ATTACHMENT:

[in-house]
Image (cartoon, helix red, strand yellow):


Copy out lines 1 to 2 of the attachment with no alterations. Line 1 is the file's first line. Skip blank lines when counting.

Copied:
[in-house]
Image (cartoon, helix red, strand yellow):